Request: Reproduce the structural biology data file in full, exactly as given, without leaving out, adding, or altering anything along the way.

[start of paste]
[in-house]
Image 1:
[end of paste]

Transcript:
[in-house]
Image 1: